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Myotonic dystrophy (DM) is a progressive neuromuscular disorder which results from elongations of an unstable (CTG)n repeat, located in the 3' untranslated region of the DM gene. A correlation has been demonstrated between the increase in the repeat number of this sequence and the severity of the disease. However, the clinical status of patients cannot be(More)
Autosomal dominant hypercholesterolemia (ADH) is characterized by isolated elevation of plasmatic low-density lipoprotein cholesterol associated with high risk of premature cardiovascular complications. More than 1000 mutations in the LDLR gene and 9 in the APOB gene have been implicated. We have shown further heterogeneity with the discovery of missense(More)
Autosomal dominant hypercholesterolemia (ADH), one of the most frequent hereditary disorders, is characterized by an isolated elevation of LDL particles that leads to premature mortality from cardiovascular complications. It is generally assumed that mutations in the LDLR and APOB genes account for ADH. We identified one large French pedigree (HC2) and 12(More)
The genes encoding the low-density lipoproteins receptor and its ligand apolipoprotein B, have been the only two genes classically implicated in autosomal dominant hypercholesterolemia. We have identified in 2003, the third gene implicated in this disease: PCSK9 (Proprotein Convertase Subtilin Kexin 9). Several mutations (p.S127R, p.F216L, p.D374Y...) of(More)
BACKGROUND Our discovery in 2003 of the first mutations of PCSK9 gene causing autosomal dominant hypercholesterolaemia (ADH) shed light on an unknown factor that strongly influences the level of circulating low density lipoprotein cholesterol (LDL-C). PCSK9 gain of function mutations cause hypercholesterolaemia by a reduction of LDL receptor levels, while(More)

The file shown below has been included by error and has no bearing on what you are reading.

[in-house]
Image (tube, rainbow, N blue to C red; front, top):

Familial ligand-defective apolipoprotein B-100 (FDB) is an autosomal dominant disorder leading to plasma LDL cholesterol elevation and coronary artery disease (CAD). Two specific mutations in the APOB gene--R3500Q and R3531C--induce FDB. We report an original method to detect both mutations simultaneously, based upon PCR-mediated, site-directed mutagenesis(More)
Familial hypercholesterolemia and familial ligand-defective apolipoprotein B-100 (FDB) are dominantly inherited disorders leading to impaired low-density lipoprotein receptor (LDLR) and apolipoprotein B-100 (APOB) interaction, plasma LDL elevation, and hypercholesterolemia. We previously identified the first French FDB-R3531C proband, a woman with very high(More)
Myotonic dystrophy (DM) is an autosomal dominant neuromuscular disease. The mutation has been identified as an unstable trinucleotide CTG repeat in a sequence encoding a putative cAMP-dependent protein kinase. The CTG repeat varies in length between affected siblings, and generally increases through generations in parallel with increasing severity of the(More)
The molecular basis of myotonic dystrophy (DM) has been characterised. All DM mutations characterised to date appear as an unstable elongation of a fragment containing a tandem repeat of a CTG motif, which can be visualised in both EcoRI and BamHI digests. It has been shown that the fragment is polymorphic in the normal population. Another 1 kb(More)